Frances Hegarty was born in Teelin, Co. Donegal, Ireland, later emigrating to Scotland. Her artistic work spans over four decades, working with performance and live action, film, video, audio, photographs, drawing and installation, and exhibiting worldwide. Recurrent in the work is a concern with received ideas of cultural and national (Irish) identity, with emigration and diaspora, and with female personas, the female body and mortality. As a lecturer based in Sheffield from the late 1970s onwards, Hegarty advocated strongly for performance and time-based art. She formed and led a university department for performance art and was a driving force behind the Expanded Media Show, an important UK event for live and time-based art. She remains Emeritus Professor of Fine Art at Sheffield Hallam University, and is a member of Aosdana in Ireland. She divides her time between Sheffield (England) and Donegal.
Andrew Stones was born in Sheffield, England. He has exhibited widely as an artist since 1984. His video, sound and mixed-media installations often explore the coexistence of artistic and scientific thinking in a general (shared) culture. Other recurrent concerns are: Englishness, cultural politics and white British identity after colonialism and empire; ecology, and the human and non-human animal. He works extensively with sound, using it in films and installations, and releasing standalone sound and musical works under his own name, and songs and music as Mister Salmon. His awards and commissions include a NESTA Fellowship (2001-04) which enabled video shoots at science establishments such as Arecibo Radio Observatory (Puerto Rico), and CERN (Switzerland/France). He has taught and lectured widely, holds a PhD (Slade School of Art/UCL 2011) and writes occasionally on subjects related to the core concerns of his work.
Frances Hegarty & Andrew Stones began working collaboratively in 1997, bringing to completion eight large scale projects by 2019 (separate from and in addition to work emerging from their individual practices). In 2020 the pair received a Paul Hamlyn Award in recognition of this joint work.
Works by Hegarty & Stones typically have a strong site-specific aspect, often bringing elements of illusion and temporal play to public locations, sometimes by presenting in an exhibition site an altered or augmented version of what usually goes on there. To date, all of their completed works have been commissioned for exhibition.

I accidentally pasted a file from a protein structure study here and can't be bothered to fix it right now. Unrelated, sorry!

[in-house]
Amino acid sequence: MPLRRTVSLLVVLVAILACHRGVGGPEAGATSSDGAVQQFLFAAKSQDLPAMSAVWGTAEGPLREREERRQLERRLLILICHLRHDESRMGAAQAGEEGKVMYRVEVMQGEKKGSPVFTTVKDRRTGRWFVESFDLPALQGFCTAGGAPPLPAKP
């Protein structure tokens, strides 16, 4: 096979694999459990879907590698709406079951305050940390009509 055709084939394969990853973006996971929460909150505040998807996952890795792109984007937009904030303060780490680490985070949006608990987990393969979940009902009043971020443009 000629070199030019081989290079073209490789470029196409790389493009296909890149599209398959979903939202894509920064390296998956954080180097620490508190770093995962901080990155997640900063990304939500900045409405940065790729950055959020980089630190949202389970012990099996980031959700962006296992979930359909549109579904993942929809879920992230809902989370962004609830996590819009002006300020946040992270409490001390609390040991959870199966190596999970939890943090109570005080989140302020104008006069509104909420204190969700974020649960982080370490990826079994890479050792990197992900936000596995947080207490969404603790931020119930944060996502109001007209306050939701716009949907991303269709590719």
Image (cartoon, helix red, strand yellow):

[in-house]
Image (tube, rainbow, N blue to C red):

The first work by Hegarty & Stones is For Dublin (1997), a temporary, multi-site neon work for Dublin city centre. The work is intended as both an aesthetic pleasure, and an invocation of two ideas closely associated with James Joyce's Ulysses: psychogeography and gendered speech. For Dublin is widely cited in academic writing about cityscape, commemoration, and Irishness, and has even been reincorporated into literary fiction (in Malarky, 2012, a novel by Anakana Schofield).
After For Dublin, all works by Hegarty & Stones employ moving image.
In Seemingly So, Evidently Not, Apparently Then (Sheffield, 1998) a continuous, eight-hour performance by Hegarty is intermixed with a live surveillance feed from a railway station platform. Extra (Bradford, 2002/3) employs similar techniques, but with a gathering of local people. In these works, video surveillance, post-production and live mixing are combined to create subtly-altered versions of the everyday life of a railway station and a city square.
Orienteer (A to Z, Dawn to Dusk) (Birmingham, 2000), Overnight Sensation (Belfast, 2001) and Ex Machina (Carlow, 2006) employ strictly delimited camera viewpoints or trajectories, to gather impressions of a site or locality for works later exhibited in or near their place of origin.
In Orienteer... a female runner (Hegarty) continually advances on the camera, whilst the scene around her changes, revealing the "whole" of Birmingham in an impossible traverse. For Overnight Sensation a surveillance sequence of a popular market market is presented - with surreal additions - as a large overnight projection in the market hall.
Ex Machina is centred on an asset-stripped sugar factory, a longstanding key employer in the region surrounding it. The camera arrives from a far location, high in the sky, penetrates a wall of the factory, drops down level by level into its depths, and is expelled back along the path of its approach. The installation video sequence frames the factory according to a shifting perspective, by turns revealing it as a feature lost or discovered in a wide landscape, a monument or memorial, and a ruin.
Tactically Yours (2007) is a suite of four video installations in which the artists pursue collaborative actions, without verbal communication. In three rooms, multiple CCTV video screens show Hegarty and Stones practising the tactics of street protest, within a sectorised conifer plantation. In the fourth space a single projection shows them undertaking a series of drawings, Hegarty using her left hand whilst Stones uses his right, each artist's tactics prompted, moment-by-moment, by those of the other.
In 2016 Hegarty & Stones contributed two short films to the touring programme Proclamation. Curated by artist Andrew Duggan, this project sought to engage with 'the idea of proclamation itself', in the centenary year of the 'Proclamation of the [Irish] Republic' associated with the 1916 Easter Rising.
The Land That... (2019) is an extensive project based on Hegarty & Stones's five-year artistic engagement with a ten-acre plot of land in Co. Donegal, Ireland, owned by the Hegarty family since the 1800s. In exhibition, the work consists of a large, single-screen projection with immersive surround sound, and a suite of installations with multi-channel video, sound, text and kinetic sculpture. In this work the "land" is taken as a contested notion, created from multiple perspectives, such as the familial and the historical, the political, and the ecological.